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The Bodysnatchers

Review by Paul Bowler

Seeing how the Zygons are back on our screen in Series 9 of Doctor Who in The Zygon Invasion and the Zygon Inversion, I thought it might be fun to revisit one of my favourite 8th Doctor novels from the old BBC books range, in a story that also featured the return of the Zygons in The Bodysnatchers by Mark Morris.

When the TARDIS materialises in London, 1894, the Doctor and Sam discover a terrifying mystery lurking in the fog shrouded streets near a factory, where the owner – Nathaniel Seers – has begun to behave very strangely indeed. The bodies of the dead have started to go missing, stolen from their graves, and some unspeakable horror prowls the banks of the Thames – ready to rise up from the filthy waters to feast on human flesh.

The Doctor is reunited with his old friend, the pathologist George Lightfoot, and together with Sam and Nathaniel Seer’s daughter, Emmaline, they help him to investigate the recent state of horrible occurrences. They uncover the truth behind grave robbing after they find the entrance to a living space ship, where the Zygons have been using the human remains to feed a monstrous hoard of Skarasen, which they intend to use to wipe out the human race and make a new home for the Zygons.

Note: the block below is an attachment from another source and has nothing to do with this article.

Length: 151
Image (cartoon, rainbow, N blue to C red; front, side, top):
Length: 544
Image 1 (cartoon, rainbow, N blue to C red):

Bodysnatchers

With the help of Sam and Lightfoot, the Doctor must find a way to defeat the Zygons before they can unleash their Skarasen army on the world…

The Bodysnatchers is an intensely gritty and dark story by Mark Morris. While the story may be a bit thin on the ground plot wise, the macabre setting and grisly scenes of death and mutilation more than makes up for any failings. The character of the eighth Doctor feels right a home here, exploring the foggy streets of Victorian London, Sam also gets plenty to do, and she is turning out to be a very resourceful companion.

This story also features the return of Professor Lightfoot, who appeared in the classic Dr Who adventure The Talons of Weng- Chaing written by Robert Holmes. Mark Morris has captured the essence of the character brilliantly, Lightfoot has some great scenes with the eighth Doctor, and they work really well together as they face the menace of the Zygons.

We also get to learn a lot more about the Zygons in The Bodysnatchers. Having only appeared in one television story, Terror of the Zygons (1975), writer Mark Morris takes the opportunity to really explore the history of the Zygon race. We discover more about their culture, the intricate technology of their spaceships, their warrior castes, and we are given an even greater insight into the circumstances that brought them to Earth.

The Bodysnatches is a brilliant adventure for the eighth Doctor and Sam, it’s a devilishly gruesome story, and the return of Professor Lightfoot and the Zygons makes it all the more special. Its one of my favourite Doctor Who books from the 8th Doctor’s range, well worth tracking down a copy, a really enjoyable read and highly recommended.